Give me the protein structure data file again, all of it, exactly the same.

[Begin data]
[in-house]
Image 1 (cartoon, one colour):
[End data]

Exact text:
[in-house]
Image 1 (cartoon, one colour):